Hip Cello, from 2008, recently come back to me. I’ve missed this one.

I see the cup on my desk I shared scotch with in a long yesterday afternoon (lovely time, L & C), and I think of performance and introversion, the sweet fragility of both artist and audience when they come together in music.  I see tulips on my piano, paintings that have returned to the place of their birth, music stands and microphones, and I feel comforted by the rhythm of time.  I see the patches of sun on my floor, and feel my heart beat, steady.

SunPatchonFloorApril2014

#Selfie is requiring due diligence from me.  Early on I knew that my intolerance (see #Selfie 1) could lead nowhere but back to my own insecurities and blind spots – sure enough, it did (see #Selfie 2, then #Selfie 3, in which I confess my internal shock).  Predictably, I reacted to my own shock by going abstract again (#Selfie 4 (I prefer my hands), #Selfie 5 (mirror), #Selfie 6 (Mask)), and then #Selfie 7 (Easter) referred to, but did not describe the quite intense process of self- discovery, self-pruning, self-clearing I’d experienced that weekend – I chickened out, and that will not do.

So – to rectify.

SunPatch2

#selfie 9 will go direct.  See you back here after I’ve done some digging.


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The Sweet Ouch

Home to find the Shire bathed in sunlight and still buried in snow.  Three days home and yet another winter storm howls and screams at my north windows.  It’s mid-march.  I don’t feel in any way inclined to take pictures of this weather.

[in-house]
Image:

But oh my studio is warm warm.  Full of echoes left from hours of cello practise:  Faure, Brahms, Bach, Schubert, Dvorak. Endlessly gratifying workout-studies.

Every muscle hurts.  Including my heart.

singing, now....

singing, now….

Paintings all leapt ahead and comparing their new selves – mirrored across the walls, watch me move, see how I am, now.

More more more.

Wires like the promise of further connection:  1/4 inch to loop pedal to Soundboard to speakers.  xlr from MK40 to board to speakers.  These wait on new arrangements written in the car, on the road, in waking moments – and time…  after the meetings, the rehearsals, the photoshoots, the graphic design, the lessons, classes, visits….

Tonight.  Tomorrow, and then the tomorrow after.

my friend's house

my friend’s house

I’m bigger somehow, since I’ve been away.  So is the world.

Didn’t think I could love more than I did when I left.  Turns out I can.

To achieve great things, two things are needed;  a plan, and not quite enough time.


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Every Year, December 1

Every year has different elements & configurations, but as of December first each year I look at my calendar in wonder and love my job all over again.  Who gets to do this?  Musicians.

musictoPlay

shorthand:

December 8, 12, 13, 14; Dec 16, 18, Dec 21, Dec 22  (I believe that’s 8 for 19 days?  2 years ago it was 5 for 8 days which was pushing the limits a little…)

Corelli, Popper, Bach, Handel, Mozart, misc Christmas arrangements; Jensen, sereda, Swannel/Young, Ostertag, Cobain, Sting, Eberhardt.  Youth Orchestra, Symphony, Youth Orchestra String Quartet (+ a few more to do Brandenburg 3), Georgian Bay Orchestra (Messiah), Amati at Leith Church the next day.